- Public meetings. You may want to schedule a series of public meetings that highlight the program and its findings and recommendations. At the meetings, distribute the report, answer questions and tell your audience how they can get involved. These meetings can also help you recruit more volunteers. Be sure to schedule the meetings at times when people are more likely to attend (i.e., weekday evenings, weekend days) and avoid periods when people are normally busy or on vacation. Invite the media and publicize the meetings in newspaper calendars, send press releases to newspapers, radio and television stations and other organizations, and ask volunteers to distribute flyers at grocery stores, city hall, etc.
- News releases. Writing and distributing a news release is a cost-effective means of informing the public about the results and accomplishments of your program. Develop a mailing list of newspapers, radio and television stations, and organizations that solicit articles for publication. Send the news release to volunteers and others who are interested in publicizing the monitoring program. The first page of your news release should feature the sponsoring organization's name and logo to clearly designate the source of the news. Include a headline, the date, a contact name and number, and whether the story is for release immediately or a later date. The first paragraph should begin with a dateline (the city of origin for the event or story described in the release) and include the essentials: who, what, where, when, and why and a synopsis of the most important elements of the story. The second paragraph should contain the second most important facts, the third paragraph the third most important points and so on. Editors tend to chop off the last paragraphs if short on space. Therefore, be sure to state your major points early in the press release.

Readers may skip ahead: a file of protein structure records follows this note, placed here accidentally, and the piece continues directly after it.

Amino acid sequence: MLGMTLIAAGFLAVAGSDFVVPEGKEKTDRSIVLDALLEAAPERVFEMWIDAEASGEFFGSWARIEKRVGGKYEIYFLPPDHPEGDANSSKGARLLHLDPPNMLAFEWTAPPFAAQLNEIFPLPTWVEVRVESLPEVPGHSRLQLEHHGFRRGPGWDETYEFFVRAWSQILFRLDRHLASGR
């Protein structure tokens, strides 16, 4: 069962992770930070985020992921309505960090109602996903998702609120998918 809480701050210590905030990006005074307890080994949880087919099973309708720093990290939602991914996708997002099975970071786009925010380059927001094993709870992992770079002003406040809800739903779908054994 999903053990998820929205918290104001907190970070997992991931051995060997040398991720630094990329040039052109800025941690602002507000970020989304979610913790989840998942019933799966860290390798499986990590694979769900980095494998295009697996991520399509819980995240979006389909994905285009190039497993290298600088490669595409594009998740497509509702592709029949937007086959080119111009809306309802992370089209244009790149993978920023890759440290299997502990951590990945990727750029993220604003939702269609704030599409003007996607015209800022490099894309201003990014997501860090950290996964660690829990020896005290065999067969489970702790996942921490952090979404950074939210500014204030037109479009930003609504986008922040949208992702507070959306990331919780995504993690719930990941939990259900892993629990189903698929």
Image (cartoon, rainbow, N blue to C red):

- News conferences. If your report contains some real news, or if it has led to a significant event, (e.g., the mayor or city council has recognized the value of the report and issued a statement of support) hold a news conference. Timing and location are important. Early in the day, but after 10 a.m. is good (most camera crews start their workday at 9 a.m.) because it allows plenty of time to edit the tape before the noon news broadcast. You may want to consider timing the conference so that a TV station could broadcast it live at the noon or the evening news show. For the conference, choose a place that has good visuals, such as location along the river or water body that you have been studying, at your headquarters where volunteers can be shown working in the background or at a recognition gathering for volunteers.
- Other publicity. Be creative in getting your report and message out. Try writing op-ed articles for local or statewide papers, writing letters to the editor, producing radio feeds (a recording of the group's leader played over the phone to a radio station), issuing media advisories, and even advertising in publications. For more help on getting your message across, consult the references cited below.
References and Further Reading
Byrnes, J. 1994. How Citizen Monitoring Data Became a Part of Community Life. Volunteer Monitor. 6(1):17.
Ely, E. 1992. (ed.) Monitoring for Advocacy. Volunteer Monitor. 4(1) Spring 1992.
Ely, E. 1992. (ed.) Building Credibility. Volunteer Monitor. 4(2) Fall 1992.
Ely, E. 1994. Putting Data to Use. Volunteer Monitor. 6(1):11.
Ely, E. 1995. (ed.) Managing and Presenting Your Data. Volunteer Monitor. 7(1) Spring 1995.
Sweeney, K. 1989. The Media Director: Patagonia's Guide for Environmental Groups, Ventura, CA.
Tufte, E.R. 1991. The Visual Display of Quantitative Information, Graphics Press, Cheshire, Connecticut.